In 1789, the year of the French Revolution, Saint Domingue (now Haiti) was the richest colony in the world. The source of this wealth was the exploitation of half a million black slaves who furnished the labor for the sugar, indigo, cotton, cocoa, coffee, and tobacco extracted from over 2,000 plantations. In principle, a series of royal edicts called the code noir (slave code) regulated the conduct of the white slave owners in France’s colonies. The code noir sanctioned corporal punishment, among other things, but in practice even this code’s few admonitions to feed, clothe, and refrain from raping one’s slaves went unenforced, and the plantation owners did as they wished. In fact many worked their slaves to death, since it was usually cheaper to buy than raise a slave. Hence the common proverb of colonialists of those days:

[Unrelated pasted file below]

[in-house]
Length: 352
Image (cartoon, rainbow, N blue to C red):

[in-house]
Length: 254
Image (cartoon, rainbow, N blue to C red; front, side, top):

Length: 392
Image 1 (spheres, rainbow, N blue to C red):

I'm not sure why I've been such a failure on Tumblr
The only followers I have here are ones who’ve followed me from other sites. I can’t pinpoint a single person who’s actually found me here. I used to think that was just because it was the last site I joined and most of the people who were into the sort of thing I shared had already found me. In other words I was making the assumption, I’d reached the limit of all the people who were ever likely to find my stuff interesting. Then I joined Pinterest and quite a few new people found me there, so now I’m back to wondering why I’m so wrong for Tumblr.
Jon Matonis (@JonMatonis) writes in Forbes about the ability to add funds to a credit card (just like what might happen when getting a refund from a merchant). Excerpts: